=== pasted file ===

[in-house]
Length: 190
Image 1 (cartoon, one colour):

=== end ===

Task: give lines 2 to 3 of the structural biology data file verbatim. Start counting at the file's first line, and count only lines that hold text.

Length: 190
Image 1 (cartoon, one colour):